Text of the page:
I was inspired to write this blog piece after a fire was lit in my heart by 3 things:
1) This: http://www.telegraph.co.uk/women/sex/9828589/Children-and-the-culture-of-pornography-Boys-will-ask-you-every-day-until-you-say-yes.html
2) A few weeks ago, I read a story posted by a fellow mom blogger (searching for the link still..) about a situation involving her very young daughter and a little boy. The boy was completely infatuated with her daughter. He constantly followed her around asking her to be his “girlfriend”. The little girl, for whatever reason, did not reciprocate his feelings and after some time, became uncomfortable with the attention. Her classmates began to notice and would tease her- you know, the typical kindergaren drama. But here is the thing: This mom went to the little boy’s parents and asked them to speak to their son and explain to him that her daughter wasn’t interested in his affections. Their response? But that will hurt him. Couldn’t she, wouldn’t she just give him a little note or something? Why does the little girl have to be so cold? This wise mama rightly told them that her daughter doesn’t owe the little boy anything, and does not have to reciprocate his affections if she doesn’t want to. The purpose of this mom posting this blog was to show how the rape culture can start forming at a much younger age if we are not careful about the values we teach our children. In this case, the little boy was learning that 1) if he badgered this girl enough, she might give in therefore it was appropriate and necessary to keep the badgering up. 2) He learned that he is entitled to some return of affection simply because he has affection for someone and has communicated that. Lastly, through his parent’s misguided actions, this little boy was learning that his feelings matter more than anyone elses.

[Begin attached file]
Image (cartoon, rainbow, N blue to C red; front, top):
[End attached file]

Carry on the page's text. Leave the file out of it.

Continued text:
3) Over the weekend, I attended a beautiful wedding- it was charming, whimsical, and more importantly, a celebration of pure love between two people I love. And then the dance started and right away, there was one girl that stood out to me. She was quite pretty, but unfortunately that isn’t what sticks in my mind. The reason I remember her is because she was wearing a little dress that was much too short- which became obvious as soon as she gave a girlish twirl. She also a couple dance moves that were almost exact replicas of dance moves I had seen in the odd music video- senual, provocative, wild. She also kept doing this full hair flip that seriously could only have been something she learned from watching something erotic, or watching someone else do it. I remember her the most, however, because she could not have been more than 15 years old.
Seriously, what happened to the awkward teen phase where you smell bad, you’re uncomfortable in you’re own skin, you have awkward pimples and you aren’t entirely sure what to wear?? I’m not saying to be awkward or rough, but I do think that this awkward phase communicates something beautiful- it’s innocence. It says something about this little man and beginning woman (coined by a 15 year old Vanessa Crosby on The Crosby Show)– that they are growing into themselves, finding themselves.
What freaked my husband and I out the most about this girl was how sexual she was. I could go into this alot more, but for the purpose of this blog, I only have one question: Where are her parents?